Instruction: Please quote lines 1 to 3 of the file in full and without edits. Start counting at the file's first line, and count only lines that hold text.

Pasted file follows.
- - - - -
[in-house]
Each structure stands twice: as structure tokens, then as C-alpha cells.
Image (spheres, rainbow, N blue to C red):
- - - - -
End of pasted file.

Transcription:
[in-house]
Each structure stands twice: as structure tokens, then as C-alpha cells.
Image (spheres, rainbow, N blue to C red):